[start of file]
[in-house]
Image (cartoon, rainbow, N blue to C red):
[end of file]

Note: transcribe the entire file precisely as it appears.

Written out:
[in-house]
Image (cartoon, rainbow, N blue to C red):